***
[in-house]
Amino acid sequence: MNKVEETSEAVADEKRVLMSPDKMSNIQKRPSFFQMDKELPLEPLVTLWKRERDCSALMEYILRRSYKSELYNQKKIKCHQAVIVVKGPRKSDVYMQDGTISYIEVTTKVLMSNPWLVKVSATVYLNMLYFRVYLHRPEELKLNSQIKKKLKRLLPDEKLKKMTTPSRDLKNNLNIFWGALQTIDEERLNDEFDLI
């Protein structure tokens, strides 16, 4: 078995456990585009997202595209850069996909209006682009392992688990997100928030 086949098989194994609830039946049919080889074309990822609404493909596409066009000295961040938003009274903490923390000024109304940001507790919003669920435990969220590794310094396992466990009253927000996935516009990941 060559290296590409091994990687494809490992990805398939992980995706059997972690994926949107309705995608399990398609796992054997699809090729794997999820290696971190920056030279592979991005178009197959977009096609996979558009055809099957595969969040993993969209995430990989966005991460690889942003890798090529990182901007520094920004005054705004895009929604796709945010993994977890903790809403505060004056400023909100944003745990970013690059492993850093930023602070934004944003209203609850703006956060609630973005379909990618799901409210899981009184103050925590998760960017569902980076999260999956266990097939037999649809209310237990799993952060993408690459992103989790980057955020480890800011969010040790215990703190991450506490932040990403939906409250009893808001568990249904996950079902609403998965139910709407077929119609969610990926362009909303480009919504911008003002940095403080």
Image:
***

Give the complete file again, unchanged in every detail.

[in-house]
Amino acid sequence: MNKVEETSEAVADEKRVLMSPDKMSNIQKRPSFFQMDKELPLEPLVTLWKRERDCSALMEYILRRSYKSELYNQKKIKCHQAVIVVKGPRKSDVYMQDGTISYIEVTTKVLMSNPWLVKVSATVYLNMLYFRVYLHRPEELKLNSQIKKKLKRLLPDEKLKKMTTPSRDLKNNLNIFWGALQTIDEERLNDEFDLI
């Protein structure tokens, strides 16, 4: 078995456990585009997202595209850069996909209006682009392992688990997100928030 086949098989194994609830039946049919080889074309990822609404493909596409066009000295961040938003009274903490923390000024109304940001507790919003669920435990969220590794310094396992466990009253927000996935516009990941 060559290296590409091994990687494809490992990805398939992980995706059997972690994926949107309705995608399990398609796992054997699809090729794997999820290696971190920056030279592979991005178009197959977009096609996979558009055809099957595969969040993993969209995430990989966005991460690889942003890798090529990182901007520094920004005054705004895009929604796709945010993994977890903790809403505060004056400023909100944003745990970013690059492993850093930023602070934004944003209203609850703006956060609630973005379909990618799901409210899981009184103050925590998760960017569902980076999260999956266990097939037999649809209310237990799993952060993408690459992103989790980057955020480890800011969010040790215990703190991450506490932040990403939906409250009893808001568990249904996950079902609403998965139910709407077929119609969610990926362009909303480009919504911008003002940095403080």
Image: